New, different, uncomfortable, and overwhelming.
Unique, beautiful, enlightening, and captivating.
My world was dramatically altered upon my first trip to Ecuador. It was a learning experience through which I gained a new outlook on life.
I am barely 21 years old and I believe in the power of cross-cultural experiences.
I am a white, middle-class, college student who was oblivious to the realities of life outside the lavishness and comfort America provided me growing up. My plane carried me to a country waiting to show this gringa what life is like in the rest of the world. Up into the Andes I went, where indigenous is not just an adjective, but who you are and how you live.
I lived where the pipes provide water only every other day. Where Animals—cows, pigs, chickens, and rats—run free. It takes twenty minutes for me to hand wash just one pair of pants, which are filthy from the dirt roads. No washer or dryer. My pants hang on the clothesline for two days waiting to dry, but they never do, so I must wear them anyways, feeling the damp cloth against my skin.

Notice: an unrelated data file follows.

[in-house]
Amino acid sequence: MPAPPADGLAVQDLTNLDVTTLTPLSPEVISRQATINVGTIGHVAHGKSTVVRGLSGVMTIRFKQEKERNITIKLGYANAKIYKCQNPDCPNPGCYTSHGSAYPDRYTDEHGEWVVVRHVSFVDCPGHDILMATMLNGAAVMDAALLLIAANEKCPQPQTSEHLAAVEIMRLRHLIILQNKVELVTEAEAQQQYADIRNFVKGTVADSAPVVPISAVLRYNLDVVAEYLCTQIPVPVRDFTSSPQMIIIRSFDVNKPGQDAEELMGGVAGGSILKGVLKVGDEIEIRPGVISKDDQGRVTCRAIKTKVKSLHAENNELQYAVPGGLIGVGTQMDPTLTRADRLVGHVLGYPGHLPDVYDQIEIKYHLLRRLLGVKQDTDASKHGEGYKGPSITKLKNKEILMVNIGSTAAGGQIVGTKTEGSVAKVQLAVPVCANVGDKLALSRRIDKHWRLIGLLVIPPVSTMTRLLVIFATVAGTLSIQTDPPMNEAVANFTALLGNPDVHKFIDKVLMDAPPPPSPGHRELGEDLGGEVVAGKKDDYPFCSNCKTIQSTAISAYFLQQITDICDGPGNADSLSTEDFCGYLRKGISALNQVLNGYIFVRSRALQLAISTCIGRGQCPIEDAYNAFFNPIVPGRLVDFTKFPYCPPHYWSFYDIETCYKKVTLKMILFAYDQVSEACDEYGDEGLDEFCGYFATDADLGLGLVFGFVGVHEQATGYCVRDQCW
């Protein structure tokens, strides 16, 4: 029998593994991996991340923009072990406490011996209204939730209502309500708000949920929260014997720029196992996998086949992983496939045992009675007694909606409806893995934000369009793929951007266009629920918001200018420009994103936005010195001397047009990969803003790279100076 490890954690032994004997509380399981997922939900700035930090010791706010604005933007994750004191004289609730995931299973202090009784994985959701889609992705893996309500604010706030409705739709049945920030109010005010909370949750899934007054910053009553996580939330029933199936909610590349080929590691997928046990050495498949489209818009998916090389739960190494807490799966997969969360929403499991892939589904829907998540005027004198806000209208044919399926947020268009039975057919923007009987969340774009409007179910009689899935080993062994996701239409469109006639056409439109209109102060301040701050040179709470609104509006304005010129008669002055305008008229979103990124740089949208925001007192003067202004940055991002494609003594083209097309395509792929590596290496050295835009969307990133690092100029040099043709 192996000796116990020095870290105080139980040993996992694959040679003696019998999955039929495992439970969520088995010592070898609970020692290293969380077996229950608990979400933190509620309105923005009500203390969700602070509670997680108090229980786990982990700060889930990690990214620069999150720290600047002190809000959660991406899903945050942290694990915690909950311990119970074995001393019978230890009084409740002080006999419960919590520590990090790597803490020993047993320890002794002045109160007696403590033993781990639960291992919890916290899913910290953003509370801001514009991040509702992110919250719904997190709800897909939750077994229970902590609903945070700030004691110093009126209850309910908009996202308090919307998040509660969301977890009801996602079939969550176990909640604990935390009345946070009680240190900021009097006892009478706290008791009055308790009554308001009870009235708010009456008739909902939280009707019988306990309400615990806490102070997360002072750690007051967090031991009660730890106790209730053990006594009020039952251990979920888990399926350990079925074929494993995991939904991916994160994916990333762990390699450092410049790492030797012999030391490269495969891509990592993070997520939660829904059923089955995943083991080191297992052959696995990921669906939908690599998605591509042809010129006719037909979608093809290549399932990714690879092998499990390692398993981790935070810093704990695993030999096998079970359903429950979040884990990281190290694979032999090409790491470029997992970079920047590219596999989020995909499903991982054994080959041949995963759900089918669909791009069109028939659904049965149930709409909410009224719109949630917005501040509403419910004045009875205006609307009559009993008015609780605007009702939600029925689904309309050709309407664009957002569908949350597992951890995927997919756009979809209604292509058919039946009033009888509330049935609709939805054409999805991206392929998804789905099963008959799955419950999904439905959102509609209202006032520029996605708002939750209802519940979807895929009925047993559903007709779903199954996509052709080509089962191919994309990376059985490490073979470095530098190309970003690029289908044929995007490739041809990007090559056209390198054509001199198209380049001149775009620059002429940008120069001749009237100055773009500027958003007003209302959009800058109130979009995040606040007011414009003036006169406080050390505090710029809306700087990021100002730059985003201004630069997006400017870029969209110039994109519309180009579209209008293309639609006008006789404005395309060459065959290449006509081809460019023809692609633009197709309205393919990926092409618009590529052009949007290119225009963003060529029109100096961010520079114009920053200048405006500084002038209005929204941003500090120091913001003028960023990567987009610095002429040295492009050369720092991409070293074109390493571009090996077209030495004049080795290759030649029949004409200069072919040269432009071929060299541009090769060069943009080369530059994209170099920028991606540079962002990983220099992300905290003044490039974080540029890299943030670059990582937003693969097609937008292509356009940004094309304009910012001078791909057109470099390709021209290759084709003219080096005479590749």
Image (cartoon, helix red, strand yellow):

I am struck by the community here. It doesn’t matter that they live in poverty. What matters is that they have each other. A collective pride and care runs deep in this community, between mothers, sons, neighbors, bus drivers, and store owners. They are one. And I have never in my life thus far experienced a community come together like this.
If people move into the neighborhood everyone comes to help build a house for them. The teenage brothers next door come. The young family down the street comes. The elderly grandparents from up the hill come. Everyone unites, and I learn from this.
I question myself and my values. What is really important in this world anyway? Would I still be happy in America if all my money and luxuries were taken away from me?
And so I begin to learn from this experience in Ecuador. I realize there are millions of places in the world I will never be able to experience, yet this one trip has changed who I am, what I cherish in this world, and what I dream of doing with my life.
The more I learned about the Ecuadorians, the more I learned about myself. My life has just begun, and I believe in the power of cross-cultural experiences.
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